Zarnecki officially retired in 1982, though he still continued to do much scholarly work. In 1984 he was the chairman of the committee that organised the Arts Council's major exhibition on English Romanesque art, held at The Hayward art gallery.[2] This exhibition was the first time the subject matter had received such a wide audience. In 1987, Zarnecki and French scholar Jean Bony conceived the idea of creating a publicly available digital archive[4] of British and Irish Romanesque stone sculpture at the British Academy.[1][2][3] This was one of the first such projects of its type.[4]

Personal life

Zarnecki was married to Anne Leslie Frith in 1945. They first met in 1944 during an air raid when they both took shelter together in Regent's Park tube station. She claimed to be impressed by his ostentatious uniform, thinking that he must be a General.[1] The marriage produced a son, the space scientist John Zarnecki, and daughter.[3]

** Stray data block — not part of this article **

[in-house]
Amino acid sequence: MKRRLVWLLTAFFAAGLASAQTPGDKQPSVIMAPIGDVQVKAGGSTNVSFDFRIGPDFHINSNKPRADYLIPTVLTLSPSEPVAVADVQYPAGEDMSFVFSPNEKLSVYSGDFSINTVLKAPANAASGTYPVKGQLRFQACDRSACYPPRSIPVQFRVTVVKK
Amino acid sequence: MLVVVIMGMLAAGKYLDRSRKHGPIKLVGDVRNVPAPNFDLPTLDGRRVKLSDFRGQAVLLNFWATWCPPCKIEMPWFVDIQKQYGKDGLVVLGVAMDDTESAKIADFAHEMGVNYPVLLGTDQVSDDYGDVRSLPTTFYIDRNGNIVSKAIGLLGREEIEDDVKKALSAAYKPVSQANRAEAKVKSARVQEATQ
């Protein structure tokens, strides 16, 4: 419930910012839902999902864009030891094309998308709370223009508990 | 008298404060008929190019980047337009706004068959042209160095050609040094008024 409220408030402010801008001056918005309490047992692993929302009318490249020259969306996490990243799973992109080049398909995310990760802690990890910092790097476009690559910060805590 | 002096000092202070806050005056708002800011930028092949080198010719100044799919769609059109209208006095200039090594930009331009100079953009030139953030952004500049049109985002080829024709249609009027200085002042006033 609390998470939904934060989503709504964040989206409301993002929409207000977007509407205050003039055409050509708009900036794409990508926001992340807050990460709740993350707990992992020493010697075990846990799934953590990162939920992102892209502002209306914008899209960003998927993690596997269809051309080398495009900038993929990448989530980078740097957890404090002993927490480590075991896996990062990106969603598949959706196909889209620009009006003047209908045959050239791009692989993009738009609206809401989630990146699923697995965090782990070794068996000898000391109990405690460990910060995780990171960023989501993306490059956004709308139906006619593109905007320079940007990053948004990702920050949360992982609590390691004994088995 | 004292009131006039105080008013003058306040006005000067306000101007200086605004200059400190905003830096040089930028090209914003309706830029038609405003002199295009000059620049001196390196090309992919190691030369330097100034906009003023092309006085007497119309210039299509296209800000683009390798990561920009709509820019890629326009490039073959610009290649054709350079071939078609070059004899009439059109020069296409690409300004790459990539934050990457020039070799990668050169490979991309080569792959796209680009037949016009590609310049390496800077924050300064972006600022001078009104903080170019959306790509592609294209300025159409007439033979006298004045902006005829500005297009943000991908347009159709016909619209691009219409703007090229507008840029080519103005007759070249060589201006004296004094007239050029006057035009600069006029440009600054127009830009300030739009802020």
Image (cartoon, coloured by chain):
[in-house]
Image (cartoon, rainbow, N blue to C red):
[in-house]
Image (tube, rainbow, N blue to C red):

Honours and memberships

Zarnecki has received various honours and awards:[2][3]

Selected bibliography

Amongst Zarnecki's published works are:[9]


  1. 1 2 3 4 5 6 7 8 "George Zarnecki: Former deputy director of the Courtauld Institute of Art and leading scholar of Romanesque sculpture". The Independent. 16 September 2008. Retrieved 25 September 2008.
  2. 1 2 3 4 5 6 7 Mullaly, Terence (11 September 2008). "George Zarnecki. Eminent art historian who helped the Courtauld survive the Blunt scandal". London. Retrieved 25 September 2008.
  3. 1 2 3 4 5 6 7 8 "Professor George Zarnecki: pioneering historian of Romanesque art". The Times. London. 13 September 2008. Retrieved 25 September 2008.
  4. 1 2 3 4 5 6 7 "George Zarnecki". The Daily Telegraph. 18 September 2008. Retrieved 25 September 2008.
  5. The London Gazette: no. 38697. pp. 4068–4086. 23 August 1949. Retrieved 26 September 2008.
  6. The London Gazette: (Supplement) no. 44999. pp. 8–9. 30 December 1969. Retrieved 26 September 2008.
  7. The London Gazette: no. 45551. p. 14068. 23 December 1971. Retrieved 26 September 2008.
  8. The London Gazette: no. 47799. p. 3709. 20 March 1979. Retrieved 26 September 2008.
  9. "George Zarnecki's bibliography". Copac. Retrieved 25 September 2008.

External links